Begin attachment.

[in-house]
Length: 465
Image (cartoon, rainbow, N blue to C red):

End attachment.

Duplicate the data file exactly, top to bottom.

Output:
[in-house]
Length: 465
Image (cartoon, rainbow, N blue to C red):